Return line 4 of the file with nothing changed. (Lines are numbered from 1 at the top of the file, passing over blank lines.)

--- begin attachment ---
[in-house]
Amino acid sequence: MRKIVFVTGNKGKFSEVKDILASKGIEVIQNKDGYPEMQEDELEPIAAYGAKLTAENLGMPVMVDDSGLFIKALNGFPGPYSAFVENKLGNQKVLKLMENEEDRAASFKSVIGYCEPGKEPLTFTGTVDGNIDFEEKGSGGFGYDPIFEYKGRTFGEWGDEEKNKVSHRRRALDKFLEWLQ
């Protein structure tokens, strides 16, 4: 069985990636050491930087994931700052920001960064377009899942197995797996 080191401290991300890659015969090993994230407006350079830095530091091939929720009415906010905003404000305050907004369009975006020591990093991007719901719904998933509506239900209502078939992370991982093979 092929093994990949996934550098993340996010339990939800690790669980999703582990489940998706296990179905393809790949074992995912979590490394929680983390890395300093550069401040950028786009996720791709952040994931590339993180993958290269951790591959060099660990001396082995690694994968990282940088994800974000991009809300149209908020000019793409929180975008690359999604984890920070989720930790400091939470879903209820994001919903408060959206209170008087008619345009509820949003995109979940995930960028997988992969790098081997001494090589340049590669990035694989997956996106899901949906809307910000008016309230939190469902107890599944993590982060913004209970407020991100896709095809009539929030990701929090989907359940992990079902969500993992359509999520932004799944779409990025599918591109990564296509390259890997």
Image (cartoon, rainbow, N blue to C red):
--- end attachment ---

Image (cartoon, rainbow, N blue to C red):